Childcare users in regional Queensland have waited more than 12 months to access services, according to a new study released by the Regional Australia Institute.
The study focused on affordability and accessibility of childcare in the Maranoa and Western Downs regions of south-west Queensland.
It found that centre-based long day care services in the Maranoa region could only accomodate 39 per cent of children in the region up to four years old. Western Downs has 2,219 children in this age group, with its services able to provide for just 22 per cent.
Regional Australia Institute CEO Liz Ritchie said childcare availability in regional areas was affecting the regional workforce.
"As a working mum, I know the challenges and stress involved in managing childcare issues, while juggling a full-time job.
"Childcare is a critical component many people look for when deciding to make the move to regional Australia - and we need to do better," Ms Ritchie said.
Regional Australia Institute is supporting the fit-out of community-owned houses for family day care, establishing a relief pool of childcare workers and developing a regional workforce strategy for the childcare industry.
The Maranoa and Western Downs areas is home to not only a range of shift workers such as nurses, paramedics and police officers, but also those working in the resources sector on fly in fly out swing shifts.
Regional Australians living in childcare 'deserts'
According to research published by the Mitchell Institute in 2022, about nine million Australians, 35 per cent of the population, lived in neighbourhoods classified as a childcare desert.
A childcare desert is a populated area where there are more than three children per childcare place.
Regional Australians are far more likely to live in a childcare desert than metropolitan residents.
According to the Mitchell Institute, over one million Australians live in regional and remote areas where there is no childcare available at all.
Research conducted by advocacy organisation Thrive by Five found that more than 90 per cent of parents surveyed in regional Australia said childcare costs had risen over the past three years, with 79 per cent of regional parents indicating access to cheaper, high-quality childcare would help their families.
Thrive by Five director Jay Weatherill said that regional Australia is in the midst of a childcare accessibility crisis.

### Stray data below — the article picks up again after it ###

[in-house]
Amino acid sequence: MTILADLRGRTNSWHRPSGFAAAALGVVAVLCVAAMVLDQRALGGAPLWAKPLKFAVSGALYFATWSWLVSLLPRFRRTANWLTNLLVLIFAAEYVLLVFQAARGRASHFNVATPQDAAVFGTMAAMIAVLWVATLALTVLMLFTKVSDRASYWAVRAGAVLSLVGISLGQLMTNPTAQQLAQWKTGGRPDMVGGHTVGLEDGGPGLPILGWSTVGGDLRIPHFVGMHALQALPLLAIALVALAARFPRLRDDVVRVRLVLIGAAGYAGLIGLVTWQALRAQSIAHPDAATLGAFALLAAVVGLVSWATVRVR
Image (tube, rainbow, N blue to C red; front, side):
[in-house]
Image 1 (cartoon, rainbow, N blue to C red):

"Being born in regional Australia shouldn't disadvantage any child. Every child, regardless of where they live or how much their parents earn, should be able to access high quality early childhood education and care," he said.
"Yet families living outside Australia's major cities are struggling both with inexcusably long wait lists and high fees to access quality childcare."
Quality childcare can promote health and wellbeing
Access to high quality early childhood education and care promoted healthy development and socialisation in children.
Royal Far West chief executive officer Jacqueline Emery said that early childhood educators played a critical role in identifying development issues early, so that families can seek intervention and care for the long term health and wellbeing of their child.
"One of the benefits of early education and care is that early educators are often the ones that actually are the first to identify that there might be a challenge for a child," she said.
"And while we don't yet fully understand the impact of the pandemic, we're hearing reports that children that are coming through are way behind on their social development.
"That's because children are really invisible to the health system, particularly in rural areas before they start school. And that's because of this lack of access to childcare."
According to the Australian Early Development census the further a child lives from a metropolitan centre the more vulnerable they are to developmental challenges.
IN OTHER NEWS:
Women and essential workers disproportionately impacted
The regions with lower access to childcare also had lower levels of workforce participation for women who have a child aged under five years.
"There's really wonderful things about living in regional Australia, and we saw through COVID a lot of families will be young people actually moving into regional areas.
"But the massive barrier that people face is access to childcare, which then impacts a family's ability, and particularly women's ability, to participate in the workforce," Ms Emery said.
"We hear this all the time, our essential workers like police, ambulance and nurses can't go to work because they can't get childcare. So this is really impacting all of regional Australia's health and well being and economy."